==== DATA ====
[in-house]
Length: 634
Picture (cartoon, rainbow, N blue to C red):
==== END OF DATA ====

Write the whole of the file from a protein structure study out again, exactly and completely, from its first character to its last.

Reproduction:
[in-house]
Length: 634
Picture (cartoon, rainbow, N blue to C red):